A breath of fresh air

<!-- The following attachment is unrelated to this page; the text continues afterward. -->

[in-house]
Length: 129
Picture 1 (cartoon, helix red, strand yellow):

Ed, Clarence Valley Council’s Environment, Planning and Community committee meeting last Tuesday saw our new Councillors demonstrate that the trust and confidence the community put in them when voting them onto Council was well founded. The proposal by Councils administration for the “reclassification” of the McNaughton Place water front property drew a number of submissions from individuals and community groups. The reclassification was the last obstacle to the sale of the Council land for possible multi-level development. Committee members listened to all submissions with patience and respect. Would that the same could be said of all of the presenters. It is one thing to present a case for or against a proposal. It is totally a different matter to mount a direct attack on presenters of a contrary opinion. The comment that retirees should find something better to do with their time than to have the temerity to obstruct the sale and subsequent destruction of strategically important public assets, displayed not only a complete contempt for the due process accorded every resident by Council, but it also showed an ignorance of and a contempt for the enormous community work carried out over many years by some of the presenters. OAM’s are awarded to generous and committed people who volunteer long hours to make their community a better place to live, for attracting visitors to the town and for staging national events to support the small businesses and enrich the community. For example, the Maclean Highland Gathering is the longest running event of its kind in Australia and attracts international interest, attendance and thousands of visitors. We all want progress and development. We want better shopping and more variety. We want to see business prospering and expanding. But progress and development doesn’t have to come at the cost of the character and traditions of the town and the sensitivities of its people. Both can be had with intelligence and planning foresight. The people who were publicly denigrated and insulted are people motivated solely by a commitment to the wellbeing of the community. They welcome and encourage visitors and new residents into the town they are so proud of and support the small businesses that service the peoples needs. Ian Saunders, Maclean